The Polish People's Republic (Polish: Polska Rzeczpospolita Ludowa, PRL) covers the history of Poland under communist control between 1952 and 1989. The name was defined by the Constitution of 1952 which was based on the 1936 Soviet Constitution. Between 1947 and 1952, the name of the Polish state was the Republic of Poland (Rzeczpospolita Polska), in accordance with the temporary Constitution of 1947. At the time of its founding during final stages of World War II, Poland was regarded as a puppet entity set up and controlled by the Soviet Union, and over time, it developed into a satellite state of the Soviet Union.
The Soviet Union had much influence over both internal and external affairs, and Red Army forces were stationed in Poland (1945: 500,000; until 1955: 120,000 to 150,000; until 1989: 40,000). In 1945, Soviet generals and advisors formed 80% of the officer cadre of the Polish Armed Forces. The Polish United Workers' Party became the dominant political party, officially making the country a Communist state.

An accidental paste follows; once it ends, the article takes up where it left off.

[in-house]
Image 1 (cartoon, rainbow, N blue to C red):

In March 1956 Bolesław Bierut died and was replaced with Edward Ochab. In June, workers in the industrial city of Poznań went on strike, in what became known as Poznań 1956 protests. Voices began to be raised in the Party and among the intellectuals calling for wider reforms of the Stalinist system. Eventually, power shifted towards Władysław Gomułka, who replaced Bierut as party leader. Hardline Stalinists were removed from power and many Soviet officers serving in the Polish Army were dismissed. This marked the end of the Stalinist era. However, by the mid-1960s Gomułka's reformist veil had long since fallen off, and Poland was starting to experience economic as well as political difficulties.
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